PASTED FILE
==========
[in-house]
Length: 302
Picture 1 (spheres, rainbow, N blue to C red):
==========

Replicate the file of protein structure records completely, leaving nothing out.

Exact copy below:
[in-house]
Length: 302
Picture 1 (spheres, rainbow, N blue to C red):